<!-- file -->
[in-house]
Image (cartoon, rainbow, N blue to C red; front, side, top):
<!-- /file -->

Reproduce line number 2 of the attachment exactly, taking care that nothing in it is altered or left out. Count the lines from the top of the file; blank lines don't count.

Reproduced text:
Image (cartoon, rainbow, N blue to C red; front, side, top):